Movie censors also put in overtime on the other most notable film shot at the ranch. It seemed like Duel in the Sun (1946) wouldn’t pass the censorship boards no matter how many scenes were cut. The film was directed by King Vidor, who helmed Stella Dallas, The Champ, and War and Peace (and parts of The Wizard of Oz without credit). It was produced and written by David O. Selznick, who thought it would be his next Gone with the Wind. It wasn’t. It made money at the box office, in spite of bad reviews, but barely broke even after figuring in promotional costs.
The film did break Selznick’s muse Jennifer Jones, who played Pearl Chavez, the “half-breed girl” in hiding after the hanging of her father. Shot wearing full body makeup by three different cinematographers, Jones was nominated for a Best Actress in a Leading Role at the Academy Awards. Silent era legend Lillian Gish was nominated for the Best Actress in a Supporting Role award. And perhaps Gregory Peck was just happy to be there, as Duel in the Sun was his first Western.
When Spahn, who nicknamed Tex Watson and Squeaky Fromme, bought the ranch, Western series were riding high in the saddle on television. The Lone Ranger, starring Clayton Moore in the title role and Jay Silverheels as his Native American partner, was already shooting episodes on the land. Spahn built a replica of a Western town, centered by The Longhorn Café and The Rock City Saloon. Bonanza, which starred Lorne Greene, Michael Landon, Dan Blocker, and Pernell Roberts, began shooting at the ranch in 1959.
The Walt Disney Productions series Zorro also shot at the ranch from 1957 to 1959. The masked vigilante was played by Guy Williams, whose birth name was Armando Joseph Catalano. He might be best known today though as the patriarch of the pioneering Robinson family in the 1960s sci-fi series Lost in Space.
The desolate-looking retreat was perfectly suited to B-movies like Vic Savage’s science fiction Western, The Creeping Terror. The 1964 TV movie starred Savage as a sheriff, newly married to Shannon O’Neil, who has to quench the appetite of a monster which came out of a spaceship in his sleepy town. The violent massacre-revenge western The Talisman, directed by John Carr and starring Ned Romero and Linda Hawkins, was shot at the ranch in 1966. The Prohibition era gangster film, The Fabulous Bastard from Chicago (1969) was also shot at the property just before the Manson murders (but perhaps after Cliff Booth’s fictional visit in Once Upon a Time in Hollywood).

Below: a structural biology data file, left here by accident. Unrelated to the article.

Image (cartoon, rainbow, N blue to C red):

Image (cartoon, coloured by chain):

The remote locale was also became depressingly perfect for “adult” Westerns, like Herschell Gordon Lewis’ incestuous themed Linda and Abilene (1969), which he followed up with the even more softcore The Wizard of Gore (1970). Set in the Old West, the former focused on the incestuous explorations of two farm orphans. The film starred Sharon Matt, Kip Marsh, and Bambi Allen.
The Female Bunch was shot at Spahn Ranch in the Summer of 1969. Directed by Al Adamson and starring Russ Tamblyn, who played Riff in West Side Story, it was horror legend Lon Chaney Jr.’s final film. And it gave him a special secondary role: The star of The Wolfman personally made a deal with the Manson family which allowed the filming to continue undisturbed.
The 1969 biker movie Satan’s Sadists was also directed by Adamson while the Manson Family was living at the lot. According to the film’s star, Regina Carrol, the family wore guns and harassed female cast and crew members until Adamson had them thrown off the set. Satan’s Sadists was the last major motion picture filmed at Spahn Movie Ranch until the fire which destroyed the sets in the fall of 1970. But it wasn’t the only film which blurred the lines between the Manson Family and the filmmakers.